Understanding Political Settlement Between Damascus and the Kurds

After Donald Trump’s controversial but predictable decision to withdraw American troops from northeast Syria in October, followed by Turkey’s ongoing military intervention, negotiation between Damascus and the Kurds has become inevitable, with significant implications for the dynamics of the Syrian conflict.

 In fact, long before the Turkish recent attack on Rojava (the Autonomous Administration of North and East Syria), Syrian Kurds believed that talks with Damascus led by Syrian President Bashar al-Assad was the most likely scenario resulting from the situation developing from 2014, with legal international recognition for Rojava being the least likely scenario. Yet to understand the future and possible scenarios of Damascus-Kurdish or Assad-Syrian Democratic Forces (SDF) relations, we need to ask three main questions. First, what is the ultimate goal of the leaders of Rojava? Second, what does the external support they have received (the US support) mean for their goal? And third, what are the main options for the future of Damascus and SDF relations?  

Rojava’s Grand Strategic Goal (or Dream)

The goal of the Rojava leadership, and the ways in which that goal emerged, developed and strengthened, constitute key obstacles to successful political settlement between Rojava and Damascus. The grand objective of Rojava is a political autonomy similar to the de facto autonomy of Iraqi Kurdistan, but within the context of both Syria and the political ideology of Kurdish-led movement there, which prefers political autonomy to an independent nation-state. For Rojava, achieving this goal is not possible without external military and political support preventing a forceful integration of the entity into the Syrian state. From 2014 till now, the US has been providing this military support, which is essential for Rojava’s survival. The grand US strategic objective of defeating Islamic State has greatly relied on Rojava’s military and political capabilities on the ground in northern Syria. At the same time, Rojava’s goal to protect its de facto autonomy, supported by the US, is deeply divergent from the goal of Assad and Russia, to regain Damascus’s control over the Syrian territories.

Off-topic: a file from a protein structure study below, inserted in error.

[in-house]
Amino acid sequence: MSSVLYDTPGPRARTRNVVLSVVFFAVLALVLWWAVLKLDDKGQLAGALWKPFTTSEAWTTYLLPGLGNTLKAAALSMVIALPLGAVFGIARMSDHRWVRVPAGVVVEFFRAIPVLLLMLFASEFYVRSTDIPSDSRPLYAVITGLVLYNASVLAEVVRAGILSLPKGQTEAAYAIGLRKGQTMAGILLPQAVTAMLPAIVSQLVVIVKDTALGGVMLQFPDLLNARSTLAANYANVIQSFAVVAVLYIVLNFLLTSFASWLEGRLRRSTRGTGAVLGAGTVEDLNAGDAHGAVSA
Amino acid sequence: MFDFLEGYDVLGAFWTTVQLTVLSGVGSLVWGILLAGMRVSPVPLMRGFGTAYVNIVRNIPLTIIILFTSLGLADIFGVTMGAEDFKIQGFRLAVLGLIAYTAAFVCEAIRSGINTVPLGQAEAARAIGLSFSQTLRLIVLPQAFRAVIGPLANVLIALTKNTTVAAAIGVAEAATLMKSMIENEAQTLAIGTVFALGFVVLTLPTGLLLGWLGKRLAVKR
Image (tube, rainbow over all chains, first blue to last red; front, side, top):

Moreover, recently both the Kurds and Damascus have shown flexibility to adapt to changing internal and external circumstances. For the Kurds, the second-best option is a political settlement with Damascus that includes some form of power-sharing, as this provides the unrecognized Rojava with guarantees against being outvoted in the reintegrated Syrian state. The case of Iraqi Kurdistan may be helpful in understanding the dynamics in Syria. The 2005 Iraqi constitution gives Iraqi Kurdistan wide-ranging autonomous powers that include its own government, its own army, and the right to manage its own extensive natural resources. Tensions still remain, for example with respect to disputed territories and oil revenues, but the constitutional arrangement has maintained the territorial integrity of Iraq.

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The Syrian government has proposed that Kurdish armed groups join its army amid the ongoing conflict with Turkey. Concerning the security situation in northern Syria, the fact that the Kurdish troops are joining the Syrian government army, taking control of the region and suppressing the remaining radical Islamist groups can help restore the rule of law, ensure a peaceful life and improve the security situation.

US Support: Necessary for Survival